Dec. 8, 2021 -- A raft of new studies, released overnight that looked at the ability of Omicron to evade currently available vaccines, suggest a substantial loss of protection against the highly mutated variant.

The new studies, from teams of researchers in Germany, South Africa, Sweden, and the drug company Pfizer, showed 25- to 40-fold drops in the ability of antibodies created by two doses of the Pfizer-BioNTech vaccine to neutralize the virus. They also found that some monoclonal antibody therapies are ineffective against Omicron.

But there seemed to be a bright spot in the studies, too. The virus didn’t completely escape the immunity from the vaccines, and giving a third, booster dose appeared to restore antibodies to a level that’s been associated with protection against variants in the past.

“One of the silver linings of this pandemic so far is that mRNA vaccines manufactured based on the ancestral SARS-CoV-2 continue to work in the laboratory and, importantly, in real life against variant strains,” says Hana El Sahly, MD, a professor of molecular virology and microbiology at Baylor College of Medicine in Houston.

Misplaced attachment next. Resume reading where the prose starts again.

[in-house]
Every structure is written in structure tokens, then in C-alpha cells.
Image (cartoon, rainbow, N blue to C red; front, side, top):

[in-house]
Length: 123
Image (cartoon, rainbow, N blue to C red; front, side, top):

“The strains so far vary by their degree of being neutralized by the antibodies from these vaccines, but they are being neutralized nonetheless,” she says.

El Sahly points out that the Beta variant was associated with a 10-fold drop in antibodies, but two doses of the vaccines still protected against it.

President Joe Biden hailed the study results as good news.

“That Pfizer lab report came back saying that the expectation is that the existing vaccines protect against Omicron. But if you get the booster, you're really in good shape. And so that's very encouraging,” he said in an afternoon news briefing.

How Do COVID-19 mRNA Vaccines Work?Some of the COVID-19 vaccines are known as mRNA shots. How are they different from traditional vaccines? And do they contain the real virus?189

[MUSIC PLAYING]

SPEAKER: How does a COVID-19

mRNA vaccine work?

COVID vaccines are now

available.

Some of the COVID-19 vaccines

are mRNA vaccines, but what does

this mean?

mRNA vaccines are

different from traditional

vaccines.

mRNA vaccines don't expose you

to any real virus instead,

they're made with messenger

Ribonucleic Acid or mRNA.

This is a type of molecule that

gives instructions to the cell

for how to make different kinds

of proteins.



mRNA molecules are

a natural part of our cells

and how our bodies work.

Researchers have been working

with mRNA vaccines

for many years.

They are made more easily

and safely in a lab

than a vaccine that uses

a virus.

Because of this they can also

be made faster.

The COVID-19 mRNA vaccines